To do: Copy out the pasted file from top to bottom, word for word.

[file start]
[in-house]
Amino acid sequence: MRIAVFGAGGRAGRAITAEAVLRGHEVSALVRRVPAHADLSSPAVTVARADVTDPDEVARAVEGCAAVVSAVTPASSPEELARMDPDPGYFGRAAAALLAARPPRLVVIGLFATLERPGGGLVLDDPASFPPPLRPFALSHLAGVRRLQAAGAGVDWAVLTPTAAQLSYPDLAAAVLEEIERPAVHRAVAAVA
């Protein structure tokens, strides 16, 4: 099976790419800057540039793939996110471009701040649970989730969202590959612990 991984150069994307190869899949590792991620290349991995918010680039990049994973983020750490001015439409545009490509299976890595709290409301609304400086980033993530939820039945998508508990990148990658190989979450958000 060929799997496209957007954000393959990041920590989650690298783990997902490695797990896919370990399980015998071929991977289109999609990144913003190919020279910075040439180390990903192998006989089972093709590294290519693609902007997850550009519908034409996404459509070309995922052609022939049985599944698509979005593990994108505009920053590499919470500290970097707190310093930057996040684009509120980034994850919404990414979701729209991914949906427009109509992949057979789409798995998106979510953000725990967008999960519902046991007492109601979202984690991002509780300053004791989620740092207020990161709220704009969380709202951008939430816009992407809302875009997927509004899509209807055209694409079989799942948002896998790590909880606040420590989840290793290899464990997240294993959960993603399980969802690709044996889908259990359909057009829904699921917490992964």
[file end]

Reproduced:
[in-house]
Amino acid sequence: MRIAVFGAGGRAGRAITAEAVLRGHEVSALVRRVPAHADLSSPAVTVARADVTDPDEVARAVEGCAAVVSAVTPASSPEELARMDPDPGYFGRAAAALLAARPPRLVVIGLFATLERPGGGLVLDDPASFPPPLRPFALSHLAGVRRLQAAGAGVDWAVLTPTAAQLSYPDLAAAVLEEIERPAVHRAVAAVA
């Protein structure tokens, strides 16, 4: 099976790419800057540039793939996110471009701040649970989730969202590959612990 991984150069994307190869899949590792991620290349991995918010680039990049994973983020750490001015439409545009490509299976890595709290409301609304400086980033993530939820039945998508508990990148990658190989979450958000 060929799997496209957007954000393959990041920590989650690298783990997902490695797990896919370990399980015998071929991977289109999609990144913003190919020279910075040439180390990903192998006989089972093709590294290519693609902007997850550009519908034409996404459509070309995922052609022939049985599944698509979005593990994108505009920053590499919470500290970097707190310093930057996040684009509120980034994850919404990414979701729209991914949906427009109509992949057979789409798995998106979510953000725990967008999960519902046991007492109601979202984690991002509780300053004791989620740092207020990161709220704009969380709202951008939430816009992407809302875009997927509004899509209807055209694409079989799942948002896998790590909880606040420590989840290793290899464990997240294993959960993603399980969802690709044996889908259990359909057009829904699921917490992964």